Tech Lobbying, Entrepreneurship, and the Innovation Economy

by on November 22, 2010 · 4 comments

As he noted, Adam Thierer’s lead article in the most recent Cato Policy Report is called “The Sad State of Cyber-Politics.” It goes through so many ways tech and telecom companies are playing the Washington game to win or keep competitive advantage.

It’s a nice set-up to a Washington Post opinion piece from this weekend in which TownFlier CEO Morris Panner talks about the growing riches accruing to Washington influencers:

We are creating so much regulation – over tax policy, health care, financial activity – that smart people have figured out that they can get rich faster and more easily by manipulating rules on behalf of existing corporations than by creating net new activity and wealth. Gamesmanship pays better than entrepreneurship.

Thierer sees some hope for the tech sector, for a few reasons:

Smaller tech companies have thus far largely resisted the urge [to engage with Washington]. Hopefully that’s for principled reasons, not just due to a shortage of lobbying resources. Second, the esoteric nature of many Internet and digital technology policy discussions frustrates many lawmakers and often forces them to lose interest in these topics. Third, the breakneck pace of technological change makes it difficult for regulators to bottle up innovation and entrepreneurialism.

Panner’s broader piece calls for “a national campaign to create transparency in our legislation and a national moratorium on the creation of commissions, regulators and czars. It is time for Congress to do the hard job of saying what lawmakers mean in clear and easy-to-understand language.” He continues, “We should reject bills that are thousands of pages or that delegate vast authority to unelected regulators.”

That would be a start.

  • Brett Glass

    Actually, smaller tech companies have not engaged with Washington because they’re ignored. Don’t have big bucks to give to politicians? Don’t have an army of lobbyists? Fuhugeddaboudit. The bureaucrats will listen politely and then do what Google says.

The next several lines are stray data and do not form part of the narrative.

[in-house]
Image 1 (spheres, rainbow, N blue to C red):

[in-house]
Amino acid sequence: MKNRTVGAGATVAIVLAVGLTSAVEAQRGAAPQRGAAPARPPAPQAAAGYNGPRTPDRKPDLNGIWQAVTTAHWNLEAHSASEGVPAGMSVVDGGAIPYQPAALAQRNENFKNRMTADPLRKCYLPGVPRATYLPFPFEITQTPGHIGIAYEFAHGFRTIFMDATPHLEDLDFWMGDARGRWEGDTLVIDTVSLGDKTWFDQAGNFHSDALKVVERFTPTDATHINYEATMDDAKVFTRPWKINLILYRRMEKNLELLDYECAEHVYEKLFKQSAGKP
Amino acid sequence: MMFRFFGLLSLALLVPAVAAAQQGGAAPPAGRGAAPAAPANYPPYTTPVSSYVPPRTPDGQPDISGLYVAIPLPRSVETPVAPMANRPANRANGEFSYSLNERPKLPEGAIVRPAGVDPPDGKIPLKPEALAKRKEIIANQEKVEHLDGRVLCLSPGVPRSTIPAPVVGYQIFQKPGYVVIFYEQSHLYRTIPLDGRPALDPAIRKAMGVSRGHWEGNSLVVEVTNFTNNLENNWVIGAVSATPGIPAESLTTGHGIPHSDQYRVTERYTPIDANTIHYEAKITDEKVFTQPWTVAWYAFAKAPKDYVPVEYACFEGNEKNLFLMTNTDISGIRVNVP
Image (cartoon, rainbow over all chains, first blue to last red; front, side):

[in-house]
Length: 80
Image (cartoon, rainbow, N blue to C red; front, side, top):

Lobbyists are, basically, slimeballs. We need them out of Washington.

  • NFitzpatrick2009

    Yet again the ignorance of the TLF crowd amazes me. Is the air thin on yon lofty perch?

    “smaller tech companies have not engaged with Washington”

    Jim, both you and Brother Adam are as usual clueless and quite caught up in your cleverness. So much so that you cannot even understand how wrong you are. Smaller tech companies are very much caught up in Washington lobbying. They simply don’t operate in the realm which you with your permanently attached horse blinders perceive.

    The smaller tech companies literally lobby in several different avenues: Business Associations, such as NFIB or the US Chamber. Industry Associations, such as TechAmerica (formerly EIA AND ITAA thus at their max numbers over 2,000 tech companies).

    Or much more frequently, these smaller tech companies “lobby” when they ADVOCATE for changes within the FAR/DFAR rules, GSA Schedule, or any other Federal or State level contracting governing rules.

    This lobbying (Yes, advocating on a contracting rule is “lobbying”.) may not grab attention on TechCrunch, but the direct impact on a small company’s positive income of even a minor rule change is much more significant to them.

    You simply don’t seem to be able to understand that their perception drives what policies they choose to participate in shaping and by what avenue they choose to do so.

    That just makes them much more interested in the actions of the bureaucrats in the bowels of Agencies and not overpaid lawyers in the canyons of downtown DC.

  • NFitzpatrick2009

    Your brief and ignorant statement about “lobbyists” demonstrates your lack of understanding of what “advocating” is.

    I won’t deign to attempt to educate you, but a rose by any other name is still a rose. The legal definition of “lobbyist” and “educational 501(c)3″ may be different but if you attempt to go out to a square state hayfield and explain the difference to a guy on the tractor, don’t blame me if you get laughed at.

    People who live in glass houses…. Oops. That was shallow. But funny!

  • Kirk I

    Mr. Fitzpatrick,

    You have a finely tuned sensitivity alarm. Otherwise known in some circles as ARS.

    You obviously have some concept of lobbying, but don’t comprehend that the difference between K street, direct lobbying and group lobbying such as the NAR or NFIB in methodology and impact creates a separate type and class of advocacy – subject to much different rules.

    In simple terms; A lunch meeting with the FCC or FTC Chairman differs greatly in type and class of lobbying than group policy advocacy. Your attempt to combine the two and incinerate the article (and authors) simply illustrates your lack of pragmatism or ability to perceive context.
    You seem to have an understanding of varying lobbying efforts. But no concept of reality regarding what actually happens “on and around ‘the hill.’

    Try reading an inside politics book such as (since we’re on the tech subject) “You Say You Want a Revolution” by Reed Hundt, FCC Chairman under Clinton Gore 93-97, during the tech formative (and 97 Telcom Act) years. Cautionary Note: it will require you apply reason, logic and do a great deal of reading between the lines to really understand it.

    Second thought, forget it.

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